Library of the Week: Boston Public Library

Established in 1848 with a collection of 16,000 volumes , the Boston Public Library was the first free library opened to the public in the United States. The Central library is located in Copely Square and consists of the McKim Building which houses a vast research collection; and the Johnston Building which serves as headquarters for BPL’s 24 branch libraries and holds the circulating collection of the general library system.

Within the McKim Building are fine mural series’ from French artist Pierre Puvis de Chavannes, and American artists Edwin Austin Abbey and John Singer Sargent; fine collections of rare books and manuscripts, maps, and prints, and splendid gallery space for displaying the numerous treasures assembled over the past 160 years. Amenities include a restaurant and café, a peaceful inner courtyard, and several comfortable and wifi accessible inviting reading areas.

Visitors can enjoy a beautiful Renaissance-style courtyard with fountain, patio and chairs—an exact copy of the one in Rome’s Palazzo della Cancelleria—around which the original library is built. It’s the perfect location to escape the bustle of the city, bring books to read, or enjoy a lunch in the tranquil space. The courtyard is open the same hours as the library.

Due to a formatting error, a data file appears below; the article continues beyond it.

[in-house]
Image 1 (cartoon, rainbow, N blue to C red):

In addition to being one of the most unique and historic event venues in the city, the Boston Public Library offers ornately designed event spaces in a variety of sizes that make an ideal setting for wedding ceremonies and receptions.

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Danielle Pearce


New York, NY

Danielle Pearce lives for photography. She is a graduate of The School of the Art Institute of Chicago and frequently travels to New York City and other places across the country.

All posts by Danielle Pearce

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